Property – leave to proceed sought – costs could equal or exceed claim – hardship

family law casenotes

In Lacy & Cloett [2020] FCCA 791 (9 April 2020) Judge Boyle dismissed an application by a de facto partner (Ms Lacy) for leave pursuant to s44(6) of the Family Law Act to commence property proceedings out of time.

The respondent (Mr Cloett) opposed the application.

The parties lived together for five years. There were no children. A property was bought by the respondent for $399,000 with a mortgage of $364,930. The applicant alleged that she paid $24,000 towards the deposit and $1000 per month towards repayments. The respondent’s case was that those payments were rent; that he had given the applicant money and that her loans to him were repaid.

After separation the respondent’s property lost value from $575,000 in 2018 to $499,000 in 2019 (its mortgage at trial being $376,000) and the applicant bought her own home for $500,000 with a mortgage of $385,000. She argued that she would suffer hardship within the meaning of s44(4) if leave were not granted.

The court (at [16]) cited Whitford [1979] FamCA 3 in which the Full Court said that “where the costs which the applicant will have to bear…are about as much [as] or more than what the applicant is likely to be awarded on a property claim, ordinarily hardship would not result if leave to institute proceedings were not granted”.

The court said (from [30]):


“ …[T]here is no adequate explanation advanced by the applicant with respect to delay in filing proceedings. (…)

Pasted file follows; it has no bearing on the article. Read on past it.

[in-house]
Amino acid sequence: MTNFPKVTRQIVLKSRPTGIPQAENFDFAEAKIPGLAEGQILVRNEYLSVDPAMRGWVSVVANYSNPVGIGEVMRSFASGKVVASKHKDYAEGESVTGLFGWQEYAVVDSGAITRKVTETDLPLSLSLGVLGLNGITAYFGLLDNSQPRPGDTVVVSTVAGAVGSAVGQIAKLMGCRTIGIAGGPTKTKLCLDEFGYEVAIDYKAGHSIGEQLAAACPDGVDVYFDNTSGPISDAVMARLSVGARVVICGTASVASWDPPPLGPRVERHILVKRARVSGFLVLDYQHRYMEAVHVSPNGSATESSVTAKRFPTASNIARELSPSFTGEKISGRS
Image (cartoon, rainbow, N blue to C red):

[35] The applicant should have filed an application for property settlement by October 2016. Despite having spoken with a solicitor shortly after separation in September 2014, and receiving advice in March 2018 from her current solicitors, no application was filed until the current application on 4 April 2019.

[36] The parties are currently in a similar financial situation in terms of assets and liabilities. Life has moved on for both of them, as one would expect, in the years following separation. The respondent has refinanced the property, as he was entitled to do.

[37] There is a modest pool of assets. The parties have been separated for five years at the date of filing. The costs of the litigation would at best limit any amount received, and there is a real possibly could equal or exceed it.”

Robert Glade-Wright is the founder and senior editor of The Family Law Book, a one-volume loose-leaf and online family law service ( He is assisted by Queensland lawyer Craig Nicol, who is a QLS Accredited Specialist (family law).

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